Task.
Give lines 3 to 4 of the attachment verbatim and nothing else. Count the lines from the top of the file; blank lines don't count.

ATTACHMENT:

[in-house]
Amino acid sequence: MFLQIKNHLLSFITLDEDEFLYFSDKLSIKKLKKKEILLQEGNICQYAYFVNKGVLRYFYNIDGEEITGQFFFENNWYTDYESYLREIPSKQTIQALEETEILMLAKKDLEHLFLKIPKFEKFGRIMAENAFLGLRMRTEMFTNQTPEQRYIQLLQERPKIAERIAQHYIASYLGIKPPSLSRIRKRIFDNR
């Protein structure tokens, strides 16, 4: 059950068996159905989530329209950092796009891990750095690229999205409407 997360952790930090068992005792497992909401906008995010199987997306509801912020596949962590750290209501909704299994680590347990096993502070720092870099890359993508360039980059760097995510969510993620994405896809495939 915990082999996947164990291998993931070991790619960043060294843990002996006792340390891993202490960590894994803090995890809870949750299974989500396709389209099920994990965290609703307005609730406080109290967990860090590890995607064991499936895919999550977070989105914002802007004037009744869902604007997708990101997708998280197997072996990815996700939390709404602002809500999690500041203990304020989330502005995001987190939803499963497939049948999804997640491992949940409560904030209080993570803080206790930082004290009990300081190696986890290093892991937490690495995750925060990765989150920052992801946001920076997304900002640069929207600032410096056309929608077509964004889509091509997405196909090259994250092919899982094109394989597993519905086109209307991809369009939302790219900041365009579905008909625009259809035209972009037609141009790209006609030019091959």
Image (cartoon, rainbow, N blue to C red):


């Protein structure tokens, strides 16, 4: 059950068996159905989530329209950092796009891990750095690229999205409407 997360952790930090068992005792497992909401906008995010199987997306509801912020596949962590750290209501909704299994680590347990096993502070720092870099890359993508360039980059760097995510969510993620994405896809495939 915990082999996947164990291998993931070991790619960043060294843990002996006792340390891993202490960590894994803090995890809870949750299974989500396709389209099920994990965290609703307005609730406080109290967990860090590890995607064991499936895919999550977070989105914002802007004037009744869902604007997708990101997708998280197997072996990815996700939390709404602002809500999690500041203990304020989330502005995001987190939803499963497939049948999804997640491992949940409560904030209080993570803080206790930082004290009990300081190696986890290093892991937490690495995750925060990765989150920052992801946001920076997304900002640069929207600032410096056309929608077509964004889509091509997405196909090259994250092919899982094109394989597993519905086109209307991809369009939302790219900041365009579905008909625009259809035209972009037609141009790209006609030019091959």
Image (cartoon, rainbow, N blue to C red):